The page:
• The SEC believes that this principles-based approach will help to “elicit disclosure about complex and often rapidly evolving areas, without the need to continuously amend the text of the rule to impose bright-line or prescriptive requirements.”

  • Item 303(a), Full Fiscal Years (proposed Item 303(b)). This item would be amended to modernize, clarify, and streamline as follows:
    • Item 303(a)(2), Capital Resources. Companies would disclose material cash requirements, including commitments for capital expenditures, as of the latest fiscal period, the anticipated source of funds needed to satisfy such cash requirements, and the general purpose of such requirements to account for capital expenditures that are not necessarily capital investments. The added specificity codifies prior SEC guidance that companies should broadly disclose material cash commitments, including capital expenditures. The enhanced discussion of capital resources is intended to complement the proposed elimination of Item 303(a)(5) – MD&A, Tabular Disclosure of Contractual Obligations, as noted above.
    • Item 303(a)(3)(ii), Results of Operations – Known Trends or Uncertainties. Companies would disclose known events that are reasonably likely to cause (as opposed to will cause) a material change in the relationship between costs and revenues, such as known or reasonably likely future increases in costs of labor or materials or price increases or inventory adjustments.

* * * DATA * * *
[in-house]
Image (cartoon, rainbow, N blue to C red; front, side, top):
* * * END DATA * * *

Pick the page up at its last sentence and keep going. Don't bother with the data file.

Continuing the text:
• Item 303(a)(3)(iii), Results of Operations – Net Sales and Revenues. The proposed changes would clarify that a discussion of the reasons underlying material changes, instead of only material increases, in net sales or revenues from period to period is required.
    • Item 303(a)(3)(iv), Results of Operations – Inflation and Price Changes, Instructions 8 and 9 – This item and instructions would be eliminated to encourage companies to focus on material information that is tailored to the company.
      • Companies would still be required to discuss these matters if they are part of a known trend or uncertainty that has had, or the company reasonably expects to have, a material favorable or unfavorable impact on net sales, or revenue, or income from continuing operations. The SEC has also specifically encouraged registrants to consider disclosure of economic or industry-wide factors where relevant.
    • Item 303(a)(4), Off-Balance Sheet Arrangements. This item, which currently requires disclosures about off-balance sheet arrangements in a separately captioned section, would be replaced with a principles-based instruction to prompt companies to discuss off-balance sheet arrangements in the broader context of MD&A.